Mario Donizetti. The Sweet Obsession 11 Novembre 2012 – Posted in: . ENGLISH TEXT
The text of Gianluigi Colin published in Mario Donizetti, a biography by Iacopo Di Bugno.
In his Why Read the Classics?, Italo Calvino amuses himself by defining ‘classic books’: “Books that are referred to as ‘classic’ are ones that constitute a wealth for those who have read and loved them; however they are not a lesser wealth for those who are fortunate enough to have read them for the first time in the best condition to appreciate them”. This is a refined eulogy to mindful reading, or better yet, to ‘mature’ reading, filled with experience. However, we know that this is true for many things: for books, for art, but above all for the various challenges that life forces us to confront. What does this have to do with Mario Donizetti? Is it because Mario is a Classic artist? I would have to say no, because it would be like monumentalizing him before his time. Calvino’s words on the contrary offer an interesting piece of advice to better understand his way of seeing and revealing the world: in a time of infinite discussions about the identity and value of contemporary art, Donizetti appears like a distant antimodern hero anchored to an idea from the past, precisely the Classic period. Is this really true? An artist’s function is to relate his own period in time. To be witness to the narration of the present. It is for this reason that every artist from every period creates art that is, in a certain way, contemporary. What struck me most about Mario Donizetti was not just the power and precision of his brushstrokes, his sensual bodies painted with the vital energy and expressive strength of a great Master of the past, but rather his being anchored to an idea of the present which has the value of memory as its foundation. After all, playing with paradoxes, Mario Donizetti is a conceptual artist who transformed memory into a formal, technical, stylistic but above all spiritual exercise.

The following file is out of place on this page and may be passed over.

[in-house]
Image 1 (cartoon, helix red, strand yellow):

Those who have met Mario Donizetti and his wife Costanza know this well. As do those who have visited his small studio in Bergamo’s old Upper Town and have studied the pictorial tech- niques which Mario has dedicated himself to with an almost maniacal attention: egg-yolk tempera, the invention of an encaustic painting method, the creation of “encaustic pastel work” and other experiments and research. But above all, those who recognize the relationship that Mario has with the transmission of his multifaceted knowledge (from philosophy to theology, from pedagogy to music) and the great battle that he and Costanza fight in defence of the artistic heritage, condemning the butchery of art in our tormented land, know it well. In his own very personal way, Donizetti is close to realty. Not only because his paintings represent one of the highest ex- amples of figurative painting and realism, but for his being, without many nuances and with peremptory tones, a ‘total’ intellectual: from his philosophical studies – “I talked about theology with the Pope” – to the invention of a new way of writing music, from his experience as a designer, to his intense essay-writing. His vision also compels him to create paintings filled with symbolism in keeping with the contradictions of our society. An example? Take a look at the series The Seven Deadly Sins or the painting She Wanted to Know: it depicts a crucified woman, a metaphor of the tormented and unfortunately current female condition.
There is, in the end, a dimension of Mario Donizetti that reveals his most visible yet most hidden and intimate identity; that of the artist in relation to his source of inspiration, his wife Costanza. During my first meeting with her, I felt the same emotion that I would have experienced had I been able to undertake an impossible voyage in time, exchanging glances with Caravaggio’s model who posed for his Madonna of Loreto, or with the beautiful young woman painted by Pollaiolo who is now the modern testimonial of the Poldi Pezzoli Museum in Milan.
It was symbolically a meeting with the Muse. In reality, in that moment, I had simply met the woman who had always accompanied Mario and has always been his accomplice, travel companion, jointly responsible of a common destiny and guardian angel of every moment in his life. I do not believe it possible to discuss Donizetti’s art without emphasizing the relationship of absolute devotion between the artist and his model.
I enjoyed observing Mario explain his precious pencil drawings that were almost all of his wife, and listening to the undertone of Costanza’s comments as she recalled each drawing’s moment and meaning. An affectionate game that hides an indissoluble bond, a sweet obsession that communicates the most simple yet profound being of an artist: possessing art as life and life as art.